Growing up on Ali!

Ali’s passing woulda been a tough day for my father. He was an amateur fighter as a young man of the 40's & 50's, as a lot of poor blackmen were. They chose the ring as a possible springboard to lift them from their present condition, the same way so many poor young blackmen want to be rappers today.

Even though it didn’t work out, he remained the biggest fight fan, & his favorite fighter was Cassius Clay. It took my father some time to get with the name change — the constant turmoil of the 60's was tough for him to deal with at times. Change was everywhere, he just needed minute to catch up.

I can still see him there, dead center of our old living room — in his favorite chair, eating his favorite snack “Cheese Nips” by Nabisco — watching his favorite fighter on our floor model black & white. ABC’s Wide World of Sports was showing the latest Ali fight, my Dad’s attention glued to the screen, hand gesturing my older brother to go get him a drink.

As I remembered it, Ali seemed to be on TV a lot then, but not always in the ring. If my Dad was home, I’d ask him questions during commercials about Ali — by this time he’d come around to the name change. He’d explain about the war, Ali’s refusals to being drafted in it & the Black Muslims.

Looking back on it, my Dad could’ve been angry with Ali, being a war veteran himself. But there was no hint of that, just pride, as he respected what his favorite fighter was willing to do — standing up for his beliefs, no matter the cost.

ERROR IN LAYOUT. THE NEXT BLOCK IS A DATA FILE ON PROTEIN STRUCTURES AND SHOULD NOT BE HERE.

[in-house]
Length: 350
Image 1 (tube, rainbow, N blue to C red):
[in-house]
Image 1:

My Dad used Ali’s stance while raising us, — as an example to strive for — that I still believe in and appreciate today. I guess that’s why Ali’s passing feels like losing a close family member, because even though I never met the man, he’s been a part of my life as long as I can remember.

Yes, today woulda been tough on my Dad, he passed on in 2010. But not before spreading lessons of Ali to his grandkids & great grandkids. He spoke to them about the history of Ali, when Ali was no longer able to speak for himself. He reminded them that his favorite fighter inside the ring, was the “Greatest of all time” outside of it as well.

Rest in peace Dad! — You too Champ!

One clap, two clap, three clap, forty?

By clapping more or less, you can signal to us which stories really stand out.